Rumsfeld thanks Canada for being 'solid ally'
Date: Thursday, February 20 2003
Topic: Canadian Politics
WASHINGTON U.S. Defence Secretary Donald Rumsfeld thanked Canada on Wednesday for agreeing to contribute troops to the peacekeeping mission in Afghanistan. Rumsfeld mentioned Canada in his opening remarks at a Pentagon briefing. "The Canadian minister of defence announced Canada's willingness, beginning in late summer, to commit a battle group and a brigade headquarters to the international security force in Afghanistan for a period of one year," he said.
"Canada has been a solid ally in the global war against terrorism and we thank the Canadian people for their support in defending freedom around the globe."
The U.S. defence chief was referring to Ottawa's announcement Feb. 12 that Canada will send 1,000 or more soldiers to Afghanistan to take part in the international security force policing Kabul, the capital.
Defence Minister John McCallum said the soldiers - likely from the Royal Canadian Regiment in Petawawa, Ont. - and a brigade-level headquarters should be in place by late summer.
They would serve two six-month rotations in Afghanistan - "not in combat as we were before, but in a UN-based peacekeeping force in which, I think, Canadians will take great pride," McCallum said.
Canada deployed an 850-member battle group with American combat troops in Afghanistan last year. It was later withdrawn after they saw Canada's first offensive action since the Korean War. Four soldiers were killed by U.S. friendly fire last April.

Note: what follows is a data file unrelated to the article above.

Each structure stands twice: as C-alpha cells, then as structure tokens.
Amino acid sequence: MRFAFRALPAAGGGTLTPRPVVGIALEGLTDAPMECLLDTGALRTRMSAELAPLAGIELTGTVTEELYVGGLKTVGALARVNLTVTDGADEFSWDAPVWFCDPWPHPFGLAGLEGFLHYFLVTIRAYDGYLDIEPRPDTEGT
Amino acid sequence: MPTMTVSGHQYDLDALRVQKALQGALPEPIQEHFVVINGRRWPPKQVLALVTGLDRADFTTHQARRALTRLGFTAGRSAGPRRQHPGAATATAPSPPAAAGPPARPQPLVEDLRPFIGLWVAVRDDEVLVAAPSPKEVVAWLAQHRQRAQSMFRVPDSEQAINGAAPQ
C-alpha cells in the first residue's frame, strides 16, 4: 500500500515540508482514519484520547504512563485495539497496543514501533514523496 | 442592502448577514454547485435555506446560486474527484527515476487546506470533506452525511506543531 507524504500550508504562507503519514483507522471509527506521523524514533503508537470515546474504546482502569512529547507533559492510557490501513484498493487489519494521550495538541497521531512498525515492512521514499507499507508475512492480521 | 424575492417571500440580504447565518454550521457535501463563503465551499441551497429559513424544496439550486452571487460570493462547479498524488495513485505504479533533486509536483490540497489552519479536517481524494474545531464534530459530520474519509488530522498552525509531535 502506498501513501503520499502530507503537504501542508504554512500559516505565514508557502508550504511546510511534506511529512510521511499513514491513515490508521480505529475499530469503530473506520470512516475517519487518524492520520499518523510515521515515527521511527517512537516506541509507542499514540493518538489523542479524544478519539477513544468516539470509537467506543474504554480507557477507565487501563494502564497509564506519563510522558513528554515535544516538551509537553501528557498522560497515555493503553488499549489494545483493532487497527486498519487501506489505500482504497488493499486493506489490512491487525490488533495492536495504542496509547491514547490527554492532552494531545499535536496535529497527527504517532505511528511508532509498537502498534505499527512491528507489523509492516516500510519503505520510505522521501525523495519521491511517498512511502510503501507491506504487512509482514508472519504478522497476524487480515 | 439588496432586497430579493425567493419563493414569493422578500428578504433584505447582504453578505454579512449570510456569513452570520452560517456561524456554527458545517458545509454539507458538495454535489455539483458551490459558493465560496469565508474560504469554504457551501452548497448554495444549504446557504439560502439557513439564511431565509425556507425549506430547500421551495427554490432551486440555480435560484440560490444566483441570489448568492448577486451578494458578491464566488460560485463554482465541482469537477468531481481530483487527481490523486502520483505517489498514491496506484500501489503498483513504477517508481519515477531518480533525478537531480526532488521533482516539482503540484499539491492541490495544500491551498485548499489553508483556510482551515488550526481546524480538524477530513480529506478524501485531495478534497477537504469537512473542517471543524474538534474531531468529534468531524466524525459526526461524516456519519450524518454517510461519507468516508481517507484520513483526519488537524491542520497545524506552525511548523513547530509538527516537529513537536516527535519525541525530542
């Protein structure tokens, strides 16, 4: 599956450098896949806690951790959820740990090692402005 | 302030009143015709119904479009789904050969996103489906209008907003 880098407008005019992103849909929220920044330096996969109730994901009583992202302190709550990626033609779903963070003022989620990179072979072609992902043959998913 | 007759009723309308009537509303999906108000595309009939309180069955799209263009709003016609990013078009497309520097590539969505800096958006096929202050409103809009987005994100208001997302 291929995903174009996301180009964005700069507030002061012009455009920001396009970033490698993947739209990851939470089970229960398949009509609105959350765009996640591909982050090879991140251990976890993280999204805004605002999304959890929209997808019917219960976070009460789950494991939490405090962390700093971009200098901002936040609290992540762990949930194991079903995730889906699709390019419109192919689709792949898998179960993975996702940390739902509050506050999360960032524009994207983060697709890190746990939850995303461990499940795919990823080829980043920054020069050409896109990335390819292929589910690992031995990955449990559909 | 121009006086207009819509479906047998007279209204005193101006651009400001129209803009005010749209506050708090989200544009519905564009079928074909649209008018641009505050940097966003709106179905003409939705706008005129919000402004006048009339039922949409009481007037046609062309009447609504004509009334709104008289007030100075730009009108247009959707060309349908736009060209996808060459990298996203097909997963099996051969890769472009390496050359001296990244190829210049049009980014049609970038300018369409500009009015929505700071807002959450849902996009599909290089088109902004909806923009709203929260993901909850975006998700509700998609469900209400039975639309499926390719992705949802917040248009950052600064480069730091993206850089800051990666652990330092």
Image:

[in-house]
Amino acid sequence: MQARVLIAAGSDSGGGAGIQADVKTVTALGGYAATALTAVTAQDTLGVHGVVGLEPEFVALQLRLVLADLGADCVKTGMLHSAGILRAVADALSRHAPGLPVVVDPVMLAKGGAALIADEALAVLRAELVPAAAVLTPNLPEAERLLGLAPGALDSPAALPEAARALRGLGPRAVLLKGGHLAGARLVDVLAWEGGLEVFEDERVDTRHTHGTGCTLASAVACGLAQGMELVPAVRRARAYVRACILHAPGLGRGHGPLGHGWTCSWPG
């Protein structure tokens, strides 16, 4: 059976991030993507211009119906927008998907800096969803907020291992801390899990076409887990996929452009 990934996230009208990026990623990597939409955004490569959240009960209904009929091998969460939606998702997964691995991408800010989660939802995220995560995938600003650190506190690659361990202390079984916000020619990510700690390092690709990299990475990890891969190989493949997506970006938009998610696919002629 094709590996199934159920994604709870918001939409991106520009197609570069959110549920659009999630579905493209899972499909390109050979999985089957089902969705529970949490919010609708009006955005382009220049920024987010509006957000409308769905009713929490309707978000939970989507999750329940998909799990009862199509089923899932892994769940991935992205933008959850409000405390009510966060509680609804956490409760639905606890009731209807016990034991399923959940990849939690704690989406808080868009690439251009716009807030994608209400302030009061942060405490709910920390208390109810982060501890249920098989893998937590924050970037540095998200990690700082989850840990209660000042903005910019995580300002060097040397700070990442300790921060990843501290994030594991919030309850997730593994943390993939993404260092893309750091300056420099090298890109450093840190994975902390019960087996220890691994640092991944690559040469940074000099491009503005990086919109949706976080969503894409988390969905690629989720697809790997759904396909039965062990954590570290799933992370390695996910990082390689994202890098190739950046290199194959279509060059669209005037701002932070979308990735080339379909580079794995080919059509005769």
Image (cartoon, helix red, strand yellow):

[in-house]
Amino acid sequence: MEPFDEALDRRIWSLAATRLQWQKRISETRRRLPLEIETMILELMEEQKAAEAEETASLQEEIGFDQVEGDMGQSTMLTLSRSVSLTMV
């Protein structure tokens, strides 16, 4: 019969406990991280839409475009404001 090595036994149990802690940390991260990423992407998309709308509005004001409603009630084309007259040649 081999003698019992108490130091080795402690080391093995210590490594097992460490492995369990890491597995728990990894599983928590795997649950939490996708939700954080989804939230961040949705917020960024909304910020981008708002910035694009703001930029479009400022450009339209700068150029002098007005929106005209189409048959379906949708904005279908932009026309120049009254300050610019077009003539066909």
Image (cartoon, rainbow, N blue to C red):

The international force in Kabul, of about 4,000 soldiers, is dedicated to peacekeeping and the Canadians are not expected to see offensive military action. But peacekeepers have come under attack from rebels, and 14 have died on duty since the United Nations created the force.
McCallum said the peacekeeping deployment does not rule out a Canadian contribution to a possible war in Iraq, but he acknowledged: "It is true that the more one sends to one place the less one may have available for other places."
Rumsfeld did not mention any possible role for Canada in Iraq in his remarks Wednesday.
By publicly thanking Canada, however, Rumsfeld was making sure that Canadians feel appreciated in Washington for their commitment to the security force for Kabul.
Canadians' sensitivity over any perceived slight by the U.S. administration was apparent early last year when U.S. President George W. Bush thanked a host of countries for their support after the Sept. 11 terrorist attacks - but failed to mention Canada.
An outcry prompted the president to make a point of expressing gratitude to Canadians subsequently.